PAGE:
"It is like a miniature green house." Mrs. Lansbury answers. "The suns warmth is intensified under glass... so even if there is snow on the ground or it is freezing overnight it allows seeds to germinate. By the time the spring frost date has past..."

"May..." Gia nods. "It was March back home."

"Then the seedlings are transplanted into the garden and you've saved yourself two or three weeks at least. The seedlings are less tempting to the birds than the actual seed itself."

The first thing that occurs to Gia are Marcus' tobacco plants. She looks at Carly and raises a brow. "We'll be on the lookout."





Nikolas arrives down at the Hardy's around five pm. There would still be another four hours or so of daylight. Mrs. Lansbury sees him coming up the path and puts on her bonnet and gloves. Carly calls to Lulu who is playing with the cats. The women pick up their canning kettles and bring them over to the carriage. "I thought there were going to be quarts of tomatoes." Nikolas wonders. "You didn't actually put up any produce did you, but rather drank tea and ate crumpets." His smile lets Mrs. Lansbury know he is teasing.

Lulu runs up to Nikolas craning her neck to look up at him. "We made a hundred quarts of tomatoes. And we would have made more but we ran out of jars!"

"My word!" Nikolas exclaims. "Are you sure there were one hundred quarts of tomatoes?! Where did you put them all? Are they in your pocket?" He teases.

Lulu frowns at the young man. he sure is stupid. "They wouldn't fit in my pocket. They are all over Mrs. Hardy's cabin." Lulu nods. "But we can't take them home until they cool all the way. That means tomorrow. And then we'll take ours home and Carly will hide them under her bed."

"More information than he needs, Baby. And Mr. Cassadine is just funning ya' he knows you can't fit even one quart jar in your pocket-- maybe a pint but that's about it." Carly swings Lulu up into the carriage and then climbs in beside her with a hand up from Nikolas. Nik assists Mrs. Lansbury into the front seat and then coming around climbs up next to her.

The trip to the Spencer's is a short one. Nikolas drops them off by the push cart so they can return it to the cabin. Lulu races ahead to get the gate. Nikolas waits until they are inside the fence and the gate closed before going up the path. "Hide the jars under her bed?"

"Jars need to be kept in a dark, dry place, preferably cool."

"Like under a bed."

"Like under a bed, sir."

"What did you find out?" Nik prompts.

The rest of the trip Mrs. Lansbury fills Nikolas in on the doings in the valley and the priorities of each of the families.





Walking home across the field between the cabins, Gia cuts by Marcus' tobacco plants. Even with all of his babying, they were about half the size of what they would have had back home. Course they didn't have all the bugs on them that they would have had at home either but still. She remembers what Mrs. Lansbury had said about cold frames. If they had gotten a couple of weeks head start before Marcus put the plugs out.... There will be enough for Marcus and Mr. Spencer too come harvest... but there wouldn't be a lot to trade.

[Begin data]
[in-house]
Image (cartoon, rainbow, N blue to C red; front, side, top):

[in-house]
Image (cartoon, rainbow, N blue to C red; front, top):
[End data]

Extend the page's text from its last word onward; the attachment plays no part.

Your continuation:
That would put an increasing pressure on selling the hams and sausage from the pigs. Actually both of them would be too late. There was maybe one more trip to the store. They needed something that was going to give them cash money now... and working for Miz Hannah for the one day doesn't cut it. "Mama, I'm home."

"Well you aren't bringing home any empty jars... I take it that's a good sign."

"I have to go get 18 quarts of tomatoes tomorrow and six pints of catsup." Gia sets the canning kettle on her mother's kitchen counter.

Flo frowns. "I would have thought that Audrey would have had more jars... how is that we get so many?"

"Mama, we put up a hundred quarts of tomatoes. We had plenty of jars there was just plenty of garden to go along with." Gia looks to the rafters. "And it looks like you've put up plenty of okra too." Gia leans up against the counter and looks at her mother. "Mama, we need money."

Flo shakes her head. "What is it with my children today? Can't I just have a nice day? First Marcus says we need a bull and now you're telling me we need money."





Mrs. Lansbury has yet to realize the latest irrigation project to her garden. I'm sure she'll notice it tomorrow. Using the actual river rather than relying on barrels we should be able to double production next year. Each property of the valley has a specialty. Zander with his variety of root vegetables and good pasture but also running the trap line to capture small animals. The Spencer's are clearly capable of ... putting their backs to whatever task is at hand and are planning to distill liquor. But they rely largely on luck. And Luck is a fickle mistress. The Taggart's smokehouse will surely be put to good use once the fall hunting season begins. Mrs. Hardy is raising sheep, goats and appears to have an ability to grow just about anything. If this homesteading project proves a success then more people will be moving into the valley, probably on the other side of the river.

And while the rest of the families have found their niche we have yet to really find ours. Although uncle tells me that he has made a number of investments... the steel and coal industry in Pennsylvania, the fishing industry in Washington and various shipping ventures along both seaboards. News of these ventures come via telegraph to the store much delayed to us in the valley. This is distressing to Uncle who prefers to be much atop of his investments especially under the constant threat of Grandmother. It would be entirely in her nature to cut off Uncle's funds from the estate in order to force us back to Russia. For all the difficulties, cultural and otherwise, I like it here better.

Nikolas Cassadine

August 14,1883